The Cherryman: The Boy from Stormwater25 March 2020
From the edge of town to its sombre centre
First rays of moonlight through doorways did enter
Second moon for a thousand ages
Priests now blind from sacred pages
A new light from Pip’s tree, born to splendour!
The first child born to a god brought the moon back.
The first child born to a god brought the moon back for a night, and from his first rest the sign returned ready to again be unchallenged for an age.
But I still hold the moon within my mind and throughout my spirit, and it does not light the cavernous range of my emotions.
The priests, who ripped me from my wailing mother’s arms as I came alive underneath the Cherrytree, herald peaceful times.
They ignore the depression of truth behind them, gathering slowly not the eternal summer rains, but the years of excrement from a mortal body whose divine spirit cannot soar.
I am twenty and four now, and I approach the future with trepidation and with angst.
Partly from the forgotten cosmos of my mind, but mostly from the unrelenting optimism below Blackrock Hall, home of the Blessed Son, of the persons that worship underneath the eternal sun, do I shirk hope and look only to return Above.
Besides their leathery skin, straw-like hair and brows creased from lack of relieving shade, the people of Zatlo had evolved to not know anxiety, second thoughts, nor the hammer of negative consequence. As one child dies thoughts are spared only for the excitement of a second son, and shepherds guide their flocks near cliffs and wolves negligently trusting that stock of the same size will be born.
I stand on Sinistra Spire, as high as the mountains guarding Zatlo, cragged peaks never touched by man. Their bases tumble, split, and crack into the valley of the city, the few alpine forests of their foothills streaming into the amber and redbrick streets of Cherry Quarter. Creeks and streams wash these pine needles and petals through Poth and grow ten-fold in size to shroud the furnaces of Westgate in Steam. Fat, exhausted and wallowing, the urban surges as begun by the iced tops of the Zatlo mountains surge and pool beneath and between the ten-storey bridges and the cobbled, driftwood dwellings of Stormwater.
I was whipped this morning by the Herald of Taboo, a message to the god, my parent, that the priests had not received enough tribute this Passing.
Yesterday I was stretched on ropes for the same purpose, and the day beforehand trapped in ice-water in the darkness for an entire Rising, a weekly occurrence, to pain my parent into bringing back the moon.
I am blood crimson and powerful.
No knives at my throat.
I step forwards with Stormwater in my eye.
A Jimmy-ho the lats did shut
And a Jimmy-ho lost his nut!
A Sarah-pimmy got a caught in her tinny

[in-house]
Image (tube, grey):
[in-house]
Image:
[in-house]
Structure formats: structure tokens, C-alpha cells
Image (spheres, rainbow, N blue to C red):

And a Sarah-shimmy out a chimney!
But too-right they a freaked outta sight
And a riggity-ho but the doors did hold
So old Sol caught not a sight of their butts,
What a rut!
Chanted by a woman within a darkened bar, these are the first sounds I hear landing in the crooked town. The crowd of revellers surrounding them shout “What a rut!” back at the leaders at the end of each verse. to my face, as though I am a boy again being reprimanded for singing too loudly at Chapel.
“A lookin’ here. Dark cloak in the middle of Sun’s Highest and a skinnin’ all a powdered like. Someone’s a washed in unknowin’!” says a woman’s voice from behind me. The clobbering of hard leather and iron on driftwood pulls my heart down to the bridge with them. I turn around in time to feel a sand-encrusted hand grasp my throat and to hear a voice that I so wish was not mine squeak, “Anything. Anything! Take it all, I’m not bothersome!”
A mane of curled auburn locks controls the hand, and beneath the same voice sniggers, “Bothersome or not son, Blackrock wants you back. And I want hefty tin in my pouch before Shade’s Up!”
In a blur, my legs and arms are numb and my head lolls backwards. I am thrown limp over a shoulder. Stormwater becomes a pastel ribbon of sky blues, peach, apple, and tan.
I cannot return.
I cannot return to endure the blackness of my mind.
The virtuous depression of Blackrock will rule me no more.
The eight-foot shoulder is a tree branch and my will a hacksaw.
Our rapid pace is gliding but my breath is the frozen wind.
The marauders that surround me and their huntress leader are standing and breathing as I crash onto the planks, but they are this bridge and I am the storm-full waters below.
This water is cold, and I have enacted my first miracle.
Away from Blackrock.
I will learn the truth behind why my mind is the last to harbour the moon, the nature of my mother’s abandonment and how to bring Blackrock to its knees.